Let’s start with the interest from the venture investment community into agricultural or horticultural startups. We first covered vertical farms using LED-based horticultural lighting back in September 2016, not long before our first Horticultural Lighting Conference. The topic of venture investments was on a slow simmer at the time. But we suspected the primary interest would be investment in the companies supplying technology that could be deployed in vertical farms around the globe. Instead, the sector would soon witness huge investment in the farms themselves.

Indeed, we have witnessed significant investment in the past few years. Most recently, AeroFarms, based near New York and discussed in our story linked above, just received a $100 million investment led by the Ikea venture investment organization Ingka Group. That news was broken by the website Financial Times and was widely reported in other media but has not been formally announced by AeroFarms. And note that unless you are a subscriber, you can’t access the Financial Times story directly. You can search for it and access it via a direct Google link. The investment wasn’t the first for AeroFarms. The company had announced a $40 million round in 2017 with Ikea and celebrity chef David Chang among the investors.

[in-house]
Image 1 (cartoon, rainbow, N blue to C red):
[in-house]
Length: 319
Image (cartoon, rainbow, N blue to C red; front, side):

There have also been $100-million-range investments in some European farms of late. And Plenty, based in the San Francisco Bay area, received a $200 million investment back in 2017 with Amazon’s Jeff Bezos and SoftBank involved. Note that Tessa Pocock will deliver the Closing Plenary at our HortiCann event. She is director of lighting optimization at Plenty and will discuss the transfer of science from the lab to the modern plant factory.